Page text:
Tomorrow is the day; Cardano (ADA) launches Alonzo and with it smart contracts. It will then be possible to develop and run decentralized applications on the network. But does Cardano immediately go into battle with Ethereum (ETH)? In Timo’s take this week, I look at this upcoming update in the context of recent Cardano news.
The crypto sector is great; new technologies that can really take humanity a step further and revolutionize the current system. But this sector is also marked in many ways by the most primitive behavior of people, namely tribalism. And that’s not so crazy. Suppose you have a large bag of ethereum. Either way, you will want Ethereum to perform well as a network and to stay ahead of its competitors.
At the same time, many of these competitors have big promises; ‘We do what Ethereum does, but better, cheaper and faster!’ And if these promises are not immediately fulfilled, ethereum investors will of course take immediate action. This also applies to almost every smart contract platform. With every project there is a group of fanatics who are only too happy to share and magnify negative news with the rest of the world.
This kind of news is also called a fear, uncertainty, and doubt (FUD). These don’t necessarily have to be lies. Sometimes the criticism is justified, but sometimes its sole purpose is to portray a project as failure. This week we saw some examples of both types.
Smart contracts are coming, but not at full speed
This is how the news was last Sunday that a decentralized exchange (DEX) on the Cardano testnet ran into problems. Cardano works on a different transaction model than, for example, Ethereum. As a result, this DEX could not process more than a few transactions per block. A stumbling block, especially for a DEX that has to be able to handle large amounts of transactions.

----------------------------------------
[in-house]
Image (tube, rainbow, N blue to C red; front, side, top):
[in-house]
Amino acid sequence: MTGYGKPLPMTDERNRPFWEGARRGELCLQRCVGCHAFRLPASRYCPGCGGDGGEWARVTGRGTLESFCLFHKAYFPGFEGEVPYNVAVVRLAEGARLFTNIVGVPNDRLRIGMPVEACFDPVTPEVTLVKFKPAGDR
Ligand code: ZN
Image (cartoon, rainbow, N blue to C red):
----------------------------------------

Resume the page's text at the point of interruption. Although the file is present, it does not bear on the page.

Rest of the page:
Over the course of the week, it became clear that these issues can eventually be resolved, or have already been resolved. Due to the different kind of transaction model than Ethereum, developers have to approach smart contract development differently. So it’s not surprising that developers run into problems here and there. There is nothing wrong with Cardano itself, the Cardano founder assured this week: “There is nothing to fix.”
Still, it was cause for panic. Because the big promise that smart contracts are coming does not seem to meet the expectations of many investors. In the end, the bottom line is that, yes there will be smart contracts on Cardano, but these will not directly ensure that Ethereum will face major competition. Developers will have to get used to it first and Cardano himself is not finished after Alonzo either.
For Cardano it is a very important step. But to the average crypto investor, it may not feel that spectacular. Yet it is another step forward and the competition between the various projects remains great due to these kinds of developments. Will we see a monopoly in the future, or will the projects coexist ‘peacefully’ and help each other? I hope the latter.